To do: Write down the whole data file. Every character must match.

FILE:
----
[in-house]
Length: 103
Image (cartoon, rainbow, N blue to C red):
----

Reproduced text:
[in-house]
Length: 103
Image (cartoon, rainbow, N blue to C red):